If you’re going to have a tiny home, why not make it a smart one? LTG Lofts to Go, a Hamburg, Germany-based company, recently created the Coodo 64. At 720-square-feet, the home is larger than most of its other tiny homes, with some versions of the Coodo measuring as small as 200 square feet. Like all Coodos, its futuristic design and smart features make it different than most other modular and tiny houses.
Coodo homes have almost all electrical devices connected to a wireless smart system. The homeowner can operate their devices through a mobile phone or a tablet. The tiny house can include smart features like a camera, movement sensor, temperature sensor, door and windows sensors, and smoke detector. The residents can also dim the lights and monitor their power usage through their phone or tablet. The home does not require additional wiring, as all of these components work over a wireless connection.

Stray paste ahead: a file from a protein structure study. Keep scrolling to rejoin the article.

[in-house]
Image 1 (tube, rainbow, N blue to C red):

The prefab tiny houses are energy- and resource-efficient. LTG uses almost all recycled materials to build Coodos, and they use high-rated insulation materials and double or triple glazing to prevent energy loss and reduce heating and cooling costs. The company installs a multifunctional heat pump that also serves as a premium air filtration system.
Like most other tiny houses, modular pods, and prefab homes, Coodo houses are easy to transport. LTG usually uses standard shipping containers and assembles the homes on location.
Customers have several options when choosing a Coodo. LTG makes one room pods that can serve as offices or even saunas. They also make vacation pods with only one room and one bathroom, as well as entire standalone tiny houses. LTG will soon be making a “Coodo 96,” which is larger than the “Coodo 64.” The company is also coming out with a “Coodo 64 Up,” which is a larger two-story model, and a “Watercoodo,” which sits on a floating platform in the water.
- The best smart light switches for 2021
- The best smart locks for 2021
- How do smart thermostats work?
- Best smart thermostats settings
- How to change your smart home settings for fall